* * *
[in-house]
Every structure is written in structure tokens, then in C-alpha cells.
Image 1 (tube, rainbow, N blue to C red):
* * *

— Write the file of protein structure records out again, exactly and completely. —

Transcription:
[in-house]
Every structure is written in structure tokens, then in C-alpha cells.
Image 1 (tube, rainbow, N blue to C red):